Tuesday, September 27, 2011

The Battle Within

Cliffhangers, frustration, unanswered questions, and raising the stakes -- all of these are powerful tension builders.  But this last technique may be the most powerful of all.  It's the universally human experience of inner conflict.

Give your protagonist two or more mutually exclusive goals or desires and you immediately create inner conflict.  Consider this actual situation:

At college a young man came across a girl he'd known since early childhood and started dating her.  Soon after this, he realized he was in love and wanted to marry her.  But one of his deepest secrets held him back.  When he was in high school, he had been involved in a stupid prank leading to a car accident that killed the girl's father.  He and his friends fled the scene, never revealing their role in the incident.  Now it had come back to haunt him again.

Should he reveal the truth and risk losing the woman he loved?  Or should he keep the secret, marry her, and live with the gnawing guilt?  Either way their relationship was bound to suffer.

These are the kinds of choices that generate inner conflict.  Create compelling enough turmoil and readers will stick around to find out how the protagonist resolves it.  What compromise will he have to make?  Will he regret his choice later?

Inner conflict is a technique that, by its very nature, also leads to powerful characterization.  While the tension steadily builds, your protagonist is making difficult choices that gradually define him.

Wednesday, September 21, 2011

The Long, Hard Road

Nothing tunes a reader out quicker than a main character who achieves his goals too easily.  It's like being in class with the annoying brainy kid who gets an A on every assignment and doesn't even break a sweat.  Real people have challenges.  Their lives aren't easy.  Ironically, when we read to escape our own problems, we want to immerse ourselves in the setbacks of a frustrated protagonist.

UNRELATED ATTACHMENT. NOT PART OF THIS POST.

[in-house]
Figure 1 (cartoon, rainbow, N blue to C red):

Tension Technique #4 -- frustrating your protagonist -- is all about making it as difficult as possible for your character to accomplish his goals.  Give anything to him too easily and you've thrown aside what should be one of the most often used tools from your author arsenal.

If Reggie needs to win the Battle of the Bands (goal) to get the attention of his secret crush (motive), a few obstacles thrown in his path will not only build sympathy but heighten tension as well.  Maybe Reggie's old electric guitar gets stepped on three days before the competition.  Reggie searches pawn shops and garage sales for two days; but, when he finally finds a replacement, his jealous rival, accompanied by a gang of cronies, chases him down an alley and steals the guitar.  By a miracle, Reggie manages to acquire a third guitar.  Blow an amp and break a few strings two minutes before his band goes on stage and you've really cranked up the tension.  The very things that make life more difficult for Reggie is what makes readers root for the hero and turn pages.

To introduce this technique, I sometimes give students an unsolvable crossword puzzle.  Every time they think they've found an answer, they discover it won't fit.  You don't want to let this activity drag on too long, but a few minutes of frustration and an example or two from a popular novel help get the point across.

Wednesday, September 14, 2011

Gambling with Happiness

Every protagonist has a motive.  Without a motive, the protagonist would be perfectly happy sitting on the couch at home eating potato chips and watching TV.  A skilled novelist knows she has to do something to shake things up in the protagonist's life.  We have to upset Ms. Protagonist's balance of happiness so she crosses the "adventure threshold" to get her comfortable stability back.  Here's where Tension-Building Technique #3 comes into play.  It's what Donald Maass in his excellent Writing the Breakout Novel Workbook refers to as "raising the stakes."